Tuesday Briefing: From DXY to Latest Russia – Ukraine Conflicts; June 28, 2022
US Dollar Index Overview
- The DXY strengthens sharply after higher than expected U.S. Goods Trade balance and HPI data.
- The intraday high is 104.36 and low at 103.77 mark.
- A day Chart and H1 chart with triple EMA suggest up trend for the time being.
- Immediate hurdles are seen at 104.46 to 103.77 mark.
- A sustained close of either side on H1 chart requires for the further directions of the U.S. dollar.
Key Headlines for the FX market:
- China slashed the quarantine time for inbound travelers by half, in a major easing of COVID-19 curbs that have deterred cross-border travel and resulted in international flights running at just 2% of pre-pandemic levels.
- Japan baked under scorching temperatures for a fourth successive day, as the capital’s heat broke nearly 150-year-old records for June and authorities warned power supply remained tight enough to raise the specter of cuts. Climate change is driving this year’s extreme heat and flooding, scientists said in a study.
- Iran, which holds the world’s second largest gas reserves, has applied to join the BRICS group of Brazil, Russia, India, China and South Africa that Beijing and Moscow cast as a powerful emerging market alternative to the West.
- The European Central Bank’s upcoming bond-buying program will rein in rising borrowing costs for vulnerable euro zone countries while keeping the pressure on their governments to repair their budgets, the ECB’s President Christine Lagarde said.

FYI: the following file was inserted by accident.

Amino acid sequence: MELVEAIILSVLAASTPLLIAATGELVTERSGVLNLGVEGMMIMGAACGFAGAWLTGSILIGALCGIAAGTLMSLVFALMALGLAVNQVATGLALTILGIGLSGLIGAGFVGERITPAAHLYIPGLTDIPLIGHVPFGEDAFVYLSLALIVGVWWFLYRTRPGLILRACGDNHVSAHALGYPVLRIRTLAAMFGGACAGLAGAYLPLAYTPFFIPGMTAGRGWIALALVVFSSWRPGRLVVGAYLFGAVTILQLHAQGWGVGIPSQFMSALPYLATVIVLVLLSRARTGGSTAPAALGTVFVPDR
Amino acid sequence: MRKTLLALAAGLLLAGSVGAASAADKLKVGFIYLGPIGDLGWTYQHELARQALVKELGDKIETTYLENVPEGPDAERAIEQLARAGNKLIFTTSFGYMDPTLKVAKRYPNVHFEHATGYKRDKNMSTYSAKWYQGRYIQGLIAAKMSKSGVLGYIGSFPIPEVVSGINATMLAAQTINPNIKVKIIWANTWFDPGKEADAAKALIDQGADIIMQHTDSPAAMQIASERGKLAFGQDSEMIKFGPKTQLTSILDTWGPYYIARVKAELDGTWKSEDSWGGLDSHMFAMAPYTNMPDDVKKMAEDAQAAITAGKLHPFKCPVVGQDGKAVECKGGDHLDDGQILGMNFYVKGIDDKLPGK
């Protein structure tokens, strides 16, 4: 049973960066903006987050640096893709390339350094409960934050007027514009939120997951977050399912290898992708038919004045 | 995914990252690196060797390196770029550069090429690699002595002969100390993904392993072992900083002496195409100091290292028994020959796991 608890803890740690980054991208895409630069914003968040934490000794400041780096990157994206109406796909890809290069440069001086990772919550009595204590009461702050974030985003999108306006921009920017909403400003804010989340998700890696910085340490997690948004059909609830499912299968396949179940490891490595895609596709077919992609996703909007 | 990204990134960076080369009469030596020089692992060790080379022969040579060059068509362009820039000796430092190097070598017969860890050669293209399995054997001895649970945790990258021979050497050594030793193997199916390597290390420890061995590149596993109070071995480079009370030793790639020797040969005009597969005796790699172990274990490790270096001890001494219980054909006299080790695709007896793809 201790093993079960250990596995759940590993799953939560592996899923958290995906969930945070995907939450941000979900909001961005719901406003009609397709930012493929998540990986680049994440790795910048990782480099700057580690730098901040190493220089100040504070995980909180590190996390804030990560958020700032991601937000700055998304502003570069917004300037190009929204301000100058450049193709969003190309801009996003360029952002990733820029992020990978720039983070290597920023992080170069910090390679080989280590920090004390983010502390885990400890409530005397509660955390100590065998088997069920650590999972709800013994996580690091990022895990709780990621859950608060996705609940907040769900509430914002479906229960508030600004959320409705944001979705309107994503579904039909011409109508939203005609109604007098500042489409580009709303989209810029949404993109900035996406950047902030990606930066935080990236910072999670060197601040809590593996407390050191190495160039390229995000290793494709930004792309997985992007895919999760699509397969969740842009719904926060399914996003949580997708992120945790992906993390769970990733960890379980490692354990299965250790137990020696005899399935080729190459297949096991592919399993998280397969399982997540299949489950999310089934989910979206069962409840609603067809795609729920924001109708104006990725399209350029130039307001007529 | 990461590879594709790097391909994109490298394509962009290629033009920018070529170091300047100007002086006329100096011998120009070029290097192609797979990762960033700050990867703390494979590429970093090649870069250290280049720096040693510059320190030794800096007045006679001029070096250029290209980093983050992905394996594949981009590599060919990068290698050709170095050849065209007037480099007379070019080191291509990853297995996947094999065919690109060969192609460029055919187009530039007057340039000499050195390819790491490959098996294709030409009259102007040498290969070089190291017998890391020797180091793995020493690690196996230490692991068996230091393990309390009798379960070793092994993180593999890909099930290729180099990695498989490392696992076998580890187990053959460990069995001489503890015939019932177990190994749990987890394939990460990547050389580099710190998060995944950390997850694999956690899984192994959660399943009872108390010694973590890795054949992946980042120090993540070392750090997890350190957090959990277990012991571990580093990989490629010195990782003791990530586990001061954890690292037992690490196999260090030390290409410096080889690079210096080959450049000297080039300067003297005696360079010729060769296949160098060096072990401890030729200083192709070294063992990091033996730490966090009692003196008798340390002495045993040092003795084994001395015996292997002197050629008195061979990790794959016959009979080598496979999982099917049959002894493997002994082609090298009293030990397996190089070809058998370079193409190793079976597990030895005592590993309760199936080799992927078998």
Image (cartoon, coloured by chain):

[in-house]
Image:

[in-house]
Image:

Latest updates on Russia – Ukraine Conflicts:
- Firefighters and soldiers searched for survivors in the rubble of a Ukrainian shopping mall, where authorities said 36 people were still missing after a Russian missile strike that killed at least 18.
- President Tayyip Erdogan held firm on his stance towards Finland and Sweden’s NATO bids, saying Turkey wanted results not words to address its concerns, adding he will also push U.S. President Joe Biden on a “stalled” F-16 fighter jet purchase.
- G7 leaders have agreed to study placing global price caps on imports of Russian energy to curb Moscow’s ability to fund its invasion of Ukraine and to contribute up to $5 billion to address global food insecurity. Here’s why a Russian oil price cap is easier said than done.
- The G7 called the strike a Russian war crime.
- German Chancellor Scholz sees no end to sanctions till Putin accepts failure.
- G7 will commit up to $5 bln to fight hunger – U.S. official.
- G7 leaders commit to climate club, make carbon-cutting pledges.
- French President Emmanuel Macron said “Russia cannot and must not win this war,” adding that France would support Ukraine for as long as necessary.
Keep an eye open for the latest news and fundamentals affecting the FX markets.
Take a look and do trade wisely!